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SHARNAY HOSIERY MILLS v. SANSON HOSIERY MILLS

October 17, 1951

SHARNAY HOSIERY MILLS, Inc.
v.
SANSON HOSIERY MILLS, Inc. et al.



The opinion of the court was delivered by: WELSH

On September 19, 1951, the motion of plaintiff for preliminary injunction was argued and submitted to the Court for decision. Now the Court, after examining the briefs and the whole record, makes the following

Findings of Fact

 1. Plaintiff, Sharnay Hosiery Mills, Inc., is a manufacturer of ladies' hosiery.

 2. Defendants are the owners of United States Letters Patent No. Des. 151,732 issued November 16, 1948 for a design for ladies' hosiery, said patent being hereinafter referred to as the Bley Patent.

 3. The within action seeking a declaratory judgment with respect to the Bley Patent was brought by plaintiff. In response to the action defendants counterclaimed charging infringement by the plaintiff of the Bley Patent and asking for an injunction and an accounting.

 4. After joinder of issue the instant motion to enjoin defendants from threatening or otherwise annoying or harassing it (plaintiff) or its retail customers was filed.

 5. Defendants' Exhibit H-1 is representative of stockings made and sold by defendant, Sanson Hosiery Mills, Inc., under the Bley Patent. It appears from the affidavits, requests for admission, etc., that plaintiff's Exhibit A and defendants' Exhibits B-1 to B-12 inclusive are representative of some of the different styles of stockings made and sold by plaintiff, Sharnay Hosiery Mills, Inc.

 6. Defendant, Sanson Hosiery Mills, Inc., sells the patented stockings under its registered trade-mark 'Picturesque' and 'Picture Frame Heel'.

 7. Prior to the appearance of the stockings of the Bley Patent on the market, nearly all stockings worn by women embodied a conventional type of heel and foot-sole reinforcement having at the back thereof either a plain rectangular or triangular configuration or a patch tapering upwardly to a narrow top. The Bley invention revitalized the old conventional reinforcement, bringing out its latent possibilities and converting it into an attractive design. What had heretofore constituted a mere wear-resistant reinforcement, largely functional and often relatively unsightly in appearance, was transformed into an ornamental feature of such appeal to the purchasing public that it was an immediate success.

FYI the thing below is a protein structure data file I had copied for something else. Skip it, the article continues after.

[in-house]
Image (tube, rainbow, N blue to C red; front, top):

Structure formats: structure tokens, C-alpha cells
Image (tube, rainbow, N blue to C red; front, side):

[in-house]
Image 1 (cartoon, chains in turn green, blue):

8. Following the success of the Bley stocking and the wide public acceptance thereof, numerous infringements appeared throughout the country. The infringements have been so extensive that the patent owners have been compelled to take vigorous action in order to protect their rights under the patent. Accordingly, the defendants have notified all persons deemed to be infringers of the Bley Patent of their patent rights, and have brought numerous infringement suits.

 9. In many instances retail establishments have been responsible for the widespread infringement of the Bley Patent, and accordingly such retail establishments have been notified of defendants' patent rights.

 10. In general the infringement notices sent by defendants have not been directed to the customers of particular manufacturers, nor have they been limited to particular styles or designs of alleged infringing hosiery. Such notices have been sent to all persons deemed to be infringers of the Bley Patent, wherever found.

 11. At the time of the hearing on the instant motion forty-three suits brought on the Bley Patent had been terminated by the entry of consent judgments decreeing the patent to be valid and infringed. The defendants in said forty-three suits have paid substantial sums to the defendants herein as liquidated damages. Additionally, the patent has been litigated and found to be valid and infringed in the case of Sanson Hosiery Mills, Inc., v. Glen Raven Knitting Mills, Inc., D.C., 95 F.Supp. 134 and 4 Cir., 189 F.2d 845, 847.

 12. In the opinion of Judge Soper in the aforementioned suit against Glen Raven, the following statement appears: 'Thirty-eight photographs on exhibit show unabashed attempts to copy, and most of them do not display even an attempt to introduce a subtle variation to the design.' One of the thirty-eight photographs thus referred to by Judge Soper (plaintiff's Exhibit G-30 in the Glen Raven case; defendants' Exhibit B-12 in the instant case) is a photograph of a stocking of the type made and sold by plaintiff, Sharnay ...


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